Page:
July 2020's 'Paper of the Month' presents the 10-year planned follow up of the randomised control trial CAPP2 on the long-term protective effect of taking regular aspirin in patients with Lynch syndrome.

Cancer prevention with aspirin in hereditary colorectal cancer (Lynch syndrome), 10-year follow-up and registry-based 20-year data in the CAPP2 study: a double-blind, randomised, placebo-controlled trial

Burn J, Sheth H, Elliott F, Reed L, Macrae F, Mecklin JP, Möslein G, McRonald FE, Bertario L, Evans DG, Gerdes AM, Ho JWC, Lindblom A, Morrison PJ, Rashbass J, Ramesar R, Seppälä T, Thomas HJW, Pylvänäinen K, Borthwick GM, Mathers JC, Bishop DT; on behalf of the CAPP2 Investigators.

Lancet. 2020 Jun 13;395(10240):1855-1863. doi: 10.1016/S0140-6736(20)30366-4.

What is known about the subject?

There is extensive evidence from population, case-control and polyp prevention studies as well as long-term review of historical aspirin cardiovascular prevention trials that regular intake of aspirin (acetyl salicylic acid) and other non-steroidal anti-inflammatory drugs over long periods is associated with reduced incidence of colorectal and other cancers. Two trials explored the protective effects of aspirin with cancer as a primary endpoint; the Women’s Health Study showed no effect of alternate day 81 mg aspirin up to study end at 10 years, but a subsequent reduction in colorectal cancer in the second decade. The CAPP2 Study randomised 861 carriers of hereditary cancer, Lynch syndrome, average age 42 years, to 600 mg aspirin or 30 g resistant starch, or both in a factorial design. There was no effect at the end of intervention (average 2.5 years) but there was a significant per-protocol protective effect of the aspirin at an average of 4.6 years follow-up.

What the study adds?

The mechanisms of action of aspirin of relevance to colorectal cancer prevention, including for Lynch syndrome, are unknown, thus there is no insight into the time that the intervention takes to come into full effect or the period over which a time-limited intervention will allow protection. By monitoring people with known intervention and disease status, this study examined the magnitude of the effect and provides some indications as to the magnitude of the long-term effect.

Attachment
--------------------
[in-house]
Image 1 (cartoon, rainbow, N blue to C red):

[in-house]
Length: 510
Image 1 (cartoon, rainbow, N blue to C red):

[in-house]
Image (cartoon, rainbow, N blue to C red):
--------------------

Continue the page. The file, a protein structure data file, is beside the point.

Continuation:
The cancer histories of all participants in CAPP2 were reviewed where possible up to the planned 10-year follow-up and a subset from three countries was followed via national registries for up to 20 years. Aspirin prescription ended in 2007 at the latest. Intention-to-treat Cox proportional hazards analysis showed that aspirin protected against the primary endpoint of colorectal cancer (HR=0.65 [95% CI 0.43–0.97], p=0.035). Negative binomial regression, considering all primary cancer diagnoses in the cancer spectrum of Lynch syndrome found similar evidence of aspirin protection (incidence rate ratio 0.58, 95% CI 0.39–0.87, p=0.0085). For those who took aspirin for the planned minimum 2 years, the effect was similar; HR 0.56, CI 0.34–0.91, p=0.019. There were half as many endometrial cancers in the aspirin group but, overall, non-colorectal cancer Lynch syndrome cancers did not significantly differ over longer follow-up. In the second decade, there was some evidence of a decline in non-Lynch syndrome cancers that did not reach statistical significance.

Implications for colorectal practice

Two standard dose aspirins per day for 2 years results in a significant reduction in colorectal cancer incidence in Lynch syndrome carriers; this persists for over a decade but does not become apparent until about 5 years from commencement. During intervention, serious adverse events did not differ significantly from the placebo group in this relatively young group.

The ongoing CaPP3 Study is a dosing non-inferiority trial which will inform optimal dose for cancer prevention versus adverse events. There is now a strong case for prescribing aspirin to young adult carriers of a germline DNA mismatch repair gene defect.

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